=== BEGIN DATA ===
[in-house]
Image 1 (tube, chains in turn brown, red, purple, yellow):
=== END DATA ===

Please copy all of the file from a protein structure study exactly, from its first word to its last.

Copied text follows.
[in-house]
Image 1 (tube, chains in turn brown, red, purple, yellow):